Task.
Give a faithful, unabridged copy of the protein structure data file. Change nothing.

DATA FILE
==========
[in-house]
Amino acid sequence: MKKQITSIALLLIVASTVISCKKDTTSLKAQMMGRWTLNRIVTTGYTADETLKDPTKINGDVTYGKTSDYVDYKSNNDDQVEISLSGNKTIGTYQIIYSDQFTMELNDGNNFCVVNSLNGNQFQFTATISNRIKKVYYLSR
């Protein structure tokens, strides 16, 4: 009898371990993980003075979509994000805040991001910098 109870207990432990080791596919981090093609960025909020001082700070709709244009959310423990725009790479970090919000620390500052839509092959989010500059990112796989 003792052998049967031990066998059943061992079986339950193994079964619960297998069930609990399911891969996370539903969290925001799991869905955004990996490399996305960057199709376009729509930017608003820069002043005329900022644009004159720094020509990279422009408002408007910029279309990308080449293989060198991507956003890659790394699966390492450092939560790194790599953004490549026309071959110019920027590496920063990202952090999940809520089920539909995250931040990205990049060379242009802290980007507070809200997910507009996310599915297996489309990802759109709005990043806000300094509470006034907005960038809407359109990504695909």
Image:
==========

[in-house]
Amino acid sequence: MKKQITSIALLLIVASTVISCKKDTTSLKAQMMGRWTLNRIVTTGYTADETLKDPTKINGDVTYGKTSDYVDYKSNNDDQVEISLSGNKTIGTYQIIYSDQFTMELNDGNNFCVVNSLNGNQFQFTATISNRIKKVYYLSR
């Protein structure tokens, strides 16, 4: 009898371990993980003075979509994000805040991001910098 109870207990432990080791596919981090093609960025909020001082700070709709244009959310423990725009790479970090919000620390500052839509092959989010500059990112796989 003792052998049967031990066998059943061992079986339950193994079964619960297998069930609990399911891969996370539903969290925001799991869905955004990996490399996305960057199709376009729509930017608003820069002043005329900022644009004159720094020509990279422009408002408007910029279309990308080449293989060198991507956003890659790394699966390492450092939560790194790599953004490549026309071959110019920027590496920063990202952090999940809520089920539909995250931040990205990049060379242009802290980007507070809200997910507009996310599915297996489309990802759109709005990043806000300094509470006034907005960038809407359109990504695909």
Image: